Then there are big-box exemplars, such as Midtown Athletic, Les Mills Auckland, Gymbox and Virgin Active that are integrating boutique sensitivities into their overall membership model on a club-in-club basis.
New boutique club models like Styles Studios Fitness (USA) and House Concepts in Vancouver are hosting several boutique experiences under one roof and putting pressure on single-offer sites as a result.
Consolidation and collaboration will also happen within and between brands, and successful boutiques will scale and refit non-successful sites to grow their portfolios.
Classes will come together, either in physical settings – like club-in-club – or with aggregators. There’ll be more multi-site access offerings such as Xponential’s X-Pass which umbrellas its eight franchise brands: AKT, StretchLab, CycleBar, Pure Barre, Stride, Row House, YogaSix and Club Pilates.
In short, we’re moving fast towards a world of ecosystems.
Extensions will happen within brands – an example is Barry’s which is piloting its bike workout ‘Ride’ alongside its existing treadmill workout, while digital expressions of many brands will start to reach beyond bricks and mortar to capture the growth in at-home and on-demand workouts.
We’re at the sharp end of the experience economy, where people now value experience above all.
I love how Pine and Gilmore capture the complex art of delivering today’s preferences in their work on the experience economy, saying “Fundamentally, customers don’t want choice, they just want exactly what they want.”
Did the book write itself, or was it hard work?
Both. It was lovingly written on planes, trains and in hotel rooms across three continents. I also joined the 5.00am club to write before life happened and pulled a few all-nighters to push on through towards the end.
It was a joy to stop repeating myself over numerous coffee dates and get things down on paper once and for all.
Of course it was tough, but I had a huge support network: a nine-month business accelerator that demanded the book be produced, an accountability group that didn’t take no for an answer, 65 people who contributed to the book and expected to see their stories up in lights, the ukactive SWEAT book launch date (made more interesting when it was shifted from March to February meaning I had to self-publish – at pace).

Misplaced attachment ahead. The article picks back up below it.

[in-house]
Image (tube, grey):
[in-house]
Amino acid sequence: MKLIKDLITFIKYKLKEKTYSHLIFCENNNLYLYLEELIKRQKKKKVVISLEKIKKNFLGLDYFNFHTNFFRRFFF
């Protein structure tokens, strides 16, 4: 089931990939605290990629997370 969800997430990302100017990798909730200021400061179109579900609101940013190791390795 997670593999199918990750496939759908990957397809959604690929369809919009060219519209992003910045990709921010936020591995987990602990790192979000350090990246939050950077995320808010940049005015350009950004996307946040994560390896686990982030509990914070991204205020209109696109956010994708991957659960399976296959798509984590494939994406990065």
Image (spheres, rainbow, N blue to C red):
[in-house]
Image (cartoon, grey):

My cheerleading husband sealed the deal by calling me at 3.00am my time – wherever I was – to tell me I was great, to keep going – and to get some sleep.
My gamechanger was my editor, Kate Cracknell, who thankfully said ‘yes’ to taking on her first book.
Having successfully worked together on previous features, I knew she was the pea to my pod.
Working across different time zones meant we could do lightning fast turnarounds on chapters, and – like my life – the book was written in transit, edited in London, designed in NYC and promoted from Vancouver.
With the purchasing power of our global fitness whanau, we shot to #1 International Best Seller on Amazon in February 2020. Gotta love tech and these times.
Will you write more and if so, what will they be about?
Yes. I’ve had a chip on my shoulder since leaving Otago University in New Zealand, with one English paper and a double degree on the table. I expect this feeling of inadequacy will express itself through more published work.
I also learned through the process that writing is not a destination – like Tuscany – but a muscle, like fitness.
And now I’ve exercised that muscle enough, it’s become a habit, so now I’m cursed with leaping out of bed at 5.00am, pen in hand – or rather, MacBook at fingertips.
To be honest, the book I actually set out to write was 100 PUMP Memoirs of an International Master Trainer – no-holds barred, tongue-in-cheek ‘stories from the road’ focusing on the early days of Les Mills. But the suits told me to grow up and write something business-like.
I may just go back to remember the bad old days of #gohardorgohome, because I’m a rule breaker at heart. We’ll see.
Right now, I’m focused on the workbook to support Building a Badass Boutique, for those who can’t make the masterclasses but want a deeper dive into the better boutique businesses.
Find out more: www.buildingabadassboutique.com